BY R.D. MILLER
Several countries around the world sometimes introduce rules and regulations that can be linked to another nation. Some may not fit all backgrounds of various cultures and traditions. Nevertheless, many developed countries share basic principles on commonly agreed-upon approaches to similar problems. For instance, the fight against drugs, crime, and environmental issues.
Although some variation may not have worked as intended, a recent proposal on February 8, 2020, according to reports, Robert Nesta Morgan, parliamentary secretary in the office of the Jamaica prime minister, announced that an incentive plan was in place or being developed to provide students an opportunity to have their debts forgiven for public service work. It is one of the best imported policy seen in a while to arrive on these shores.
In a previous opinion “The Brain Drain of the Caribbean Nurses,” highlighted concerns in the medical field, surrounding lack of resources, patients’ lives, staff safety, job protection, wages, and failure by leaders. Consequently, many experienced-well-trained nurses abandon the region once they received their nursing degree to work elsewhere, but overall student loan debt was one of the major driving forces.
A few times my telephone rang from friends I have encountered while in the region which informed me that they have migrated with their family. And when I asked, “why that side of town?” the response, “my wife is working as a nurse. It is remote, one major department store that carries everything, I miss home, but it will relief her financial burden.”
Their story is one of many across the Caribbean region of residence leaving to Canada, England, the US, and even other Caribbean islands. This student loan proposal should be implemented and be adopted by other poverty-stricken and developing countries who may not at present provide this incentive.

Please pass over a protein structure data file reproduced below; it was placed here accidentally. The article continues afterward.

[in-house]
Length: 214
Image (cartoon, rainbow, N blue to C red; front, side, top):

Maybe it is beyond politics
Regardless of the political party, student loans support many people to attend college, graduate and attain a degree for a more promising long-term future and overall the nation’s economic stability.
Though the proposal marks a step in the right direction and; it is not clear on the final details how it will be funded, and that cannot be captured in a few tweets. But like other nations who participate in this program, there are requirements and commitment for individuals to be involved.
The expectation in the long-run is that it benefits all, and simply not an election talking point, seen elsewhere to generate votes-based on this platform. There were prior reports of free healthcare leading up to the past elections whereas it seems many are still waiting on bed space, and the result of the free test, but this program may provide a firm ground. After the announcement, social media responded in high numbers.
Many students on these shores will benefit from loan burdens and may change an appetite waiting to leave if an opportunity presents itself to migrate. However, it requires a genuine debate, accountability, and implementation beyond likes on social media.
Student loan debt burden reality
Evidence shows that student debt jeopardizes the financial wealth of many households and the economy in the long-run not only in the Caribbean, but in other countries.
This debt burden has also contributed to the Black-White wealth gap across the wealth distribution. Other studies have shown that about two in five households now owe student debts loans and that number is increasing.
A person with about $45,000-53,000 in educational debt can lead to a lifetime wealth loss of around $215,000. This also affects one’s retirement, long term saving, and lower home equity according to academic experts.
Student debt has surpassed $1 trillion in the US and the delinquency rate increased to over 50 percent. These studies also showed the suicide rate in the United States rose to the highest levels in more than a decade. I do not know if most of these suicides are 100 percent related, but others noted the negative impact for individuals between ages 20 and 31.